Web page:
Wolverhampton is re-inventing itself, says local councillor Roger Lawrence
Wolverhampton is the least prosperous area in the UK, according to findings from an international think-tank.
According to the organisation, prosperity was measured by average incomes and happiness levels.
The Black Country borough of Sandwell was ranked second-last in terms of prosperity.
In addition, Blackpool, Liverpool and East Derbyshire were ranked in the bottom five.
With the exception of the Outer Hebrides, the top five most prosperous areas in Britain are in London, according to the index.
The findings are based on local GDP figures from 2011 and the Office for National Statistics well-being data from 2013-14.
Areas of Wolverhampton are in stark contrast to the most prosperous place in the country, Kensington and Chelsea in West London
Sian Hansen, executive director at the Legatum Institute, said: "The data shows that Wolverhampton is the least prosperous part of the UK because its citizens report the lowest levels of satisfaction with their lives.
"Some of the most prosperous areas of the country are those where, regardless of their income, people have the opportunity to lead healthy, fulfilling and prosperous lives."
Wolverhampton residents and workers were split about the study's findings.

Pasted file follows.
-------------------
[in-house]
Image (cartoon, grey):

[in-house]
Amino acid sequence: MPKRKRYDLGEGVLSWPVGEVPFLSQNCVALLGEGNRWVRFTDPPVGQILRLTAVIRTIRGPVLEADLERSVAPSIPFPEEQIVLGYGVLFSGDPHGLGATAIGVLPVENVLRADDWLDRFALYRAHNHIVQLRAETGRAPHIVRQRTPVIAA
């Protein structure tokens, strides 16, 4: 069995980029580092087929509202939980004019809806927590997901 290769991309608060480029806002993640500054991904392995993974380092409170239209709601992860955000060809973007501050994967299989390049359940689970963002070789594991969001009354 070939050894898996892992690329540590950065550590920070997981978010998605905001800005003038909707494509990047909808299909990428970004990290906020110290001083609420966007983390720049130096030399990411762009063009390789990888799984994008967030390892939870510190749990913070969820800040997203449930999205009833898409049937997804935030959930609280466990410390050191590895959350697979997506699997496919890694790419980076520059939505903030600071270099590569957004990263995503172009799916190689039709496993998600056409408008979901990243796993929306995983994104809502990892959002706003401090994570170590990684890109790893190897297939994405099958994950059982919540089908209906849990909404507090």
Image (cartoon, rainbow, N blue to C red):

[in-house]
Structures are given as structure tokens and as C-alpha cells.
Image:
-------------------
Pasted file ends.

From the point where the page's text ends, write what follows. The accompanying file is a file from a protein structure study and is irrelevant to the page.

"I think it's a bit harsh to be bottom," said 23-year-old Shane Parker, from Coseley.
"It's not as bad as some people think, there are places in Birmingham that are much worse.
Angela Scrivens from Bilston says most people in Wolverhampton are happy
Angela Scrivens, 42, from Bilston, said: "I think the town itself is quite dull, but the people can be quite happy.
"It's gone through a rough patch lately, but the town centre is being done up, and hopefully that will bring in more jobs and people."
Sharon Kiteley defends Wolverhampton after the findings
Sharon Kiteley, 47, from Dudley, said: "Whenever I've looked around I've always seen happy smiling faces, so I can't believe it's come last.
Responding to the findings, the leader of the City of Wolverhampton Council, Councillor Roger Lawrence, said: "Whilst it's fair to say that Wolverhampton took a battering during the recession, we're now seeing some really positive signs of recovery.
"The data used is from 2011 and 2013-14. Wolverhampton's come a long way since then and as we approach 2016 there's a lot going on in our city."